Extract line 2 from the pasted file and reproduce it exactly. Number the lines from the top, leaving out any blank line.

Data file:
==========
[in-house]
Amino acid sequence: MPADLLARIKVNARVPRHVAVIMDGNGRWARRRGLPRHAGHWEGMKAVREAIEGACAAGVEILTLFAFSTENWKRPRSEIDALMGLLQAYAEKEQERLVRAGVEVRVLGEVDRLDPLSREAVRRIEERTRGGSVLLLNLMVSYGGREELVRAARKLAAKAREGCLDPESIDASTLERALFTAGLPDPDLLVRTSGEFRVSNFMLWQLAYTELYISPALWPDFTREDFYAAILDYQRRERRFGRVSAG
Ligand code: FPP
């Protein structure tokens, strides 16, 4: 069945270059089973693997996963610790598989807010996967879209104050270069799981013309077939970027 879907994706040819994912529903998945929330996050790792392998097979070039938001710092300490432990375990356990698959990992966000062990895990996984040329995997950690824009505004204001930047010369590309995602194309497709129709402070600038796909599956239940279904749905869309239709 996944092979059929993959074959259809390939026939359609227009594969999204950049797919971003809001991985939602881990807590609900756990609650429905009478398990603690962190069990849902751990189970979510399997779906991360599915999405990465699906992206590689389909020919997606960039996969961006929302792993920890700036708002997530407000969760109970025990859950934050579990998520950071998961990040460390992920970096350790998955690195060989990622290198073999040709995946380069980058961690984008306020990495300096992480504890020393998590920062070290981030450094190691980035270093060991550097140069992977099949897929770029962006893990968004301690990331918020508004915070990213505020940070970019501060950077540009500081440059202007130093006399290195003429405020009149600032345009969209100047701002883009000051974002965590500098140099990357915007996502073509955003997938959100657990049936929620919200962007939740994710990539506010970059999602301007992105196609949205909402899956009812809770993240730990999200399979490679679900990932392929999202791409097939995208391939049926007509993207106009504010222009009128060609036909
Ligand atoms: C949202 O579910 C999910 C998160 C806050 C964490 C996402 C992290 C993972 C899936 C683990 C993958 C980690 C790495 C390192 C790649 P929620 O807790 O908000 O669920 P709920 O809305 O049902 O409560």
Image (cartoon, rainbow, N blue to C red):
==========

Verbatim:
Amino acid sequence: MPADLLARIKVNARVPRHVAVIMDGNGRWARRRGLPRHAGHWEGMKAVREAIEGACAAGVEILTLFAFSTENWKRPRSEIDALMGLLQAYAEKEQERLVRAGVEVRVLGEVDRLDPLSREAVRRIEERTRGGSVLLLNLMVSYGGREELVRAARKLAAKAREGCLDPESIDASTLERALFTAGLPDPDLLVRTSGEFRVSNFMLWQLAYTELYISPALWPDFTREDFYAAILDYQRRERRFGRVSAG